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Language Series Speaks to Families

Program enlists Santa Ana parents as 'first teachers' to help their children develop skills.

September 06, 2004|Joel Rubin | Times Staff Writer

As he has done twice a week for months, 3-year-old David Damasio nestled himself between his mother and Ines Victor on the family couch in a cramped Santa Ana apartment.

Victor opened a children's book and began reading in Spanish to the wide-eyed boy, pausing frequently to gently pepper him with questions about the story line. "Rojo, gris!" -- red, gray -- David said in his native tongue, pointing to colored hats on the page.

Throughout, Victor kept an eye on Sonia, David's mother, to ensure she was paying attention. She pressed the quiet woman to mimic her and ask David questions.

In coming years, when David enters Santa Ana's public schools, he probably will be taught entirely in English. To prepare him for that day, he and his mother are working with Victor as part of an unusual outreach program rooted in a city with one of the country's most concentrated Latino immigrant populations.

Started four years ago by UC Irvine cognitive scientist Virginia Mann, HABLA helps impoverished Latino immigrant parents who often don't know how to build their young children's language skills.

"Parents are the first teachers, but a lot of these parents don't know what to do," Mann said. "We know these early years are when children start to learn languages, and if Spanish is the only language you are able to teach them in, then that is what you have to do.... If a child has language skills in Spanish, it will translate into English."

HABLA (Home-based Activities Building Language Acquisition) serves about 250 families -- nearly all immigrants from Mexico -- with children between 2 and 4. There are no firmly defined eligibility requirements, but Mann and her staff consider only parents with little education and low incomes. The mean income for HABLA families is $16,000, and parents typically have eight or fewer years of schooling and little command of English.

Home visitors like Victor work with families over two six-month sessions. They bring a Spanish-language book or a toy to each half-hour lesson, which is used as the day's learning tool and then given to the family. Through reading and play, the home visitors demonstrate to parents how to engage their children in the freewheeling conversations that help develop a child's vocabulary and language skills.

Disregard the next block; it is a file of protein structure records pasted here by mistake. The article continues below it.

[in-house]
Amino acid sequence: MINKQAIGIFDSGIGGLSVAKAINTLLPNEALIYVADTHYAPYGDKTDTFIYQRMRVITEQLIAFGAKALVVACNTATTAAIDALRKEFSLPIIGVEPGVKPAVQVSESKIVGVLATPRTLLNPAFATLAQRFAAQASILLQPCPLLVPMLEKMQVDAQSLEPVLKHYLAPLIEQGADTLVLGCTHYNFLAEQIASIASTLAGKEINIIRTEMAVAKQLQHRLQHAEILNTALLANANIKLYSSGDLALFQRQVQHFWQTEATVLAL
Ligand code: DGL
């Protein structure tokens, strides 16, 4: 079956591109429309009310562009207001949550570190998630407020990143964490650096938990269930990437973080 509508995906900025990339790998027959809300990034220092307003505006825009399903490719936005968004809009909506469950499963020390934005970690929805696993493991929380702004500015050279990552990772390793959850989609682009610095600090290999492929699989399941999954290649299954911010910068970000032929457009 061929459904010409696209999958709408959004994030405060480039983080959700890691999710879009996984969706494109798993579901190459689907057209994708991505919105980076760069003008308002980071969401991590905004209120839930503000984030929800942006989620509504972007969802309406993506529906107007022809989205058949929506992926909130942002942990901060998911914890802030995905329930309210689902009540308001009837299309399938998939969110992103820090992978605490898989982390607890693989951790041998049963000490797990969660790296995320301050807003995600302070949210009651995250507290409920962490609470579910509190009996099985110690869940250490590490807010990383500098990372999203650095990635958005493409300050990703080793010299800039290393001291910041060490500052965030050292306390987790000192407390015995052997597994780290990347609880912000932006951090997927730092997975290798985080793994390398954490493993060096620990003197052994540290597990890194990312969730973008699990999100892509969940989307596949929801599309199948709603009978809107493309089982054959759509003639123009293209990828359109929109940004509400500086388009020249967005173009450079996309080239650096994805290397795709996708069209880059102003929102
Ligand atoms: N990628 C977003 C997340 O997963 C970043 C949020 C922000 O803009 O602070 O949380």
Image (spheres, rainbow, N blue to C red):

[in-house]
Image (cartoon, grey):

Mann cited research that shows that economically disadvantaged parents speak about 300 fewer words each hour to their children than more affluent parents do. "There is a vacuum of language, a real loss of words."

And while early-intervention reading programs similar to HABLA have existed in English for years, state education officials said Mann's program was one of only a few in California conducted in Spanish and that offered home visits.

Mann and other child development experts said research has made clear that young children who build a foundation of skills in their native language are able to learn a second language more quickly.

"These children will learn English," said Linda Espinoza, a professor at the University of Missouri who studies early language development. "The question is, will they have the opportunity early on to expand their vocabulary and to learn to think abstractly?"

In Latino immigrant homes, the answer is often no. Espinoza and Harry Pachon, a professor of public policy at USC, said undereducated parents whose own parents did not read to them when they were young typically do not know how to develop their children's language skills. The result, Mann said, are one-way lines of communication in which parents often issue orders and ask questions that require a yes-or-no response.

"I didn't know how to teach my son," said Victor, who participated in HABLA before she became a home visitor. "But I didn't want the same thing to happen to him that happened to me -- the first book that was ever read to me was after I started school."

Some parents are also reluctant to speak Spanish to their children out of fear that it will retard their learning of English. Mary Baker, principal of Madison Elementary School in Santa Ana, said that when a new class of kindergartners arrives, her teachers can quickly tell which children do not have skills in either language. "They often don't even know their names," she said. "We call them 'non-nons,' " because they are non-English and non-Spanish speakers.

Such will not be the case for David Damasio. When they leave their apartment, his mother said, they often discuss objects or places that he recognizes from books. In similar scenarios with her older daughter, Sonia Damasio said, there was silence.

As her son rambled excitedly in Spanish, she repressed a chuckle and shook her head wearily. "He talks so much," she said.

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